(An aside here, relevant since Shinnecock Hills is hosting the 2004 U.S. Open. Dunn had won a four-man professional match-play event at New York's St. Andrews Golf Club in 1894, defeating, of all people, Willie Davis in the first round and Willie Campbell in the finals. Dunn always contended that made him America's first "national champion" and he had a gold medal from that victory proclaiming him as such. But the U.S. Golf Association wasn't formed until the following year, and it started the tournament to determine a national champion, the United States Open, that fall. Dunn finished second in that inaugural event, the closest he came to a real U.S. Open title. Shinnecock Hills hosted its first U.S. Open the very next year, on its Willie Dunn redesigned course. Dunn finished 12th, but he wasn't the first designer to play the U.S. Open on a course of his design. Willie Davis was, having played in the 1895 event on his own Newport Country Club design.)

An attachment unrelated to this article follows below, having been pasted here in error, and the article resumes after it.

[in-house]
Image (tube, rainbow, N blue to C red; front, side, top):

Back to the evolution of Shinnecock. Charles Blair Macdonald unveiled his National Golf Links next door to Shinnecock in 1911, and the two clubs had a semi-comfortable relationship for a few years following that, even sharing a pro-greenkeeper during World War I. In 1916, Macdonald (a Shinnecock member) and his associate Seth Raynor were hired to remodel Shinnecock, but since C.B. doesn't list the course in his grand book, Scotland's Gift - Golf's, as one of the 17 courses he designed in his career, we can assume that Raynor did most, if not all, of the redesign. (Raynor, by the way, had been a 17-year-old grunt carrying rods and chains for his father David when the latter first surveyed Shinnecock during construction of its original 12 holes.)

Raynor's job was to realign the course to eliminate several holes bisected by the Long Island Railroad. He expanded the course to the northwest, closer still to National, and added his (and Macdonald's) four pet par 3s, the Short, Eden, Biarritz and Redan, as well as a version of St. Andrew's famous Road Hole, all holes they invariably installed on every one of their designs. The result was a quaint course of just 6,108 yards, par 70, a pleasant companion to National Golf Links across the fence.